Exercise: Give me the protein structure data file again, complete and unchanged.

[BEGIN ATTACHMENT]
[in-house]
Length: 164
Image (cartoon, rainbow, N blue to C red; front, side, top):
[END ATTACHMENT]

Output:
[in-house]
Length: 164
Image (cartoon, rainbow, N blue to C red; front, side, top):